on October 19, 2015 at 10:52 AM
What looks like Halloween but isn’t about scaring — just caring?
STATEN ISLAND, N.Y. — Black-eyed sugar skulls and dancing papier mâché skeletons are now so commonplace in American culture, it’s easy to forget these symbols have nothing to do with our Halloween.
Nah, El Dia de los Muertos (The Day of the Dead) isn’t about scaring — it’s about caring.
“It is a joyful Mexican tradition — a time for families to gather and welcome the souls of deceased love ones who, it is believed, return to visit the living,” says Irma Bohórquez-Geisler, who is marking more than two decades as founding executive director of the free “Staten Island El Dia de los Muertos (The Day of the Dead) Festival.”
Her cultural celebration has traveled the North Shore over the last two decades, from the old Cromwell Center to Snug Harbor. This year’s day-long fiesta takes place at Our Lady of Mount Carmel-St. Benedicta School.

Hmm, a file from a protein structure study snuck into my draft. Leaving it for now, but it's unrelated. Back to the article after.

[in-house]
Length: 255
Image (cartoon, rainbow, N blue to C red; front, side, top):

“On this day, Mexican families and the larger Staten Island community come together to remember departed loved ones and celebrate their lives, with flowers, art, altars, live music and dances,” Bohórquez-Geisler says.
The fun begins in the morning with the construction and decoration of two ofrendas (altars) to honor the dead. Visitors are asked to bring photos of deceased loved ones, objects that once belonged to them, as well as their favorite drink, food or flower. A second ofrenda will be constructed displaying regional traditions from the Mexican state of Morelos.